Health response to the earthquake in Haiti January 2010. Lessons to be learned for the next massive sudden-onset disaster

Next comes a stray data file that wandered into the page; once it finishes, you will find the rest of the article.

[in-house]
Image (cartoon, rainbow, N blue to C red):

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[Preface]. The 12 January 2010 earthquake was the latest and most devastating of many major sudden-impact natural disasters affecting Haiti in the last 10 years. It was also one of a series of sudden emergencies that mobilized the international community on a global scale. The response to Haiti, especially in the health sector, has been generous, even overwhelming. This internal and external response met considerable challenges and problems, some of its own making. As was the case in the response to the Indian Ocean tsunami and the Pakistan earthquake, not all those challenges were met effectively. The objective of this publication is to draw the lessons to be learned for improving the health response in future sudden-onset disasters. We know that massive earthquakes will occur again and some will devastate metropolitan areas or even the capital city, as was the case in Haiti. Haiti is the subject of this study, hopefully not the object, as Haiti has had her share of catastrophes. The scope of the book is limited to the health response, health being defined in its broad sense, not merely medical care or disease control. The review is confined to the immediate and early response in the first three months, the period during which most of the international assistance was mobilized and influences, for better or worse, rehabilitation and reconstruction. The publication focuses specially but not exclusively on those lessons that are of general interest, i.e., not specific to the special case of Haiti. The international community has much to learn from the response in Haiti where it has shown an ability to repeat its errors and shortcomings from past disasters. The methodology used for this study is common to most evaluations: in-depth review of reports, evaluations, studies, and peer-reviewed scientific publications; over 150 interviews, half of them carried out exclusively for this study and others for similar evaluations carried out by one of the three authors; circulation of the draft to all interviewees for factual validation and comments on the authors’ interpretation of the findings; and, finally, discussion with a review board convened by PAHO/WHO.
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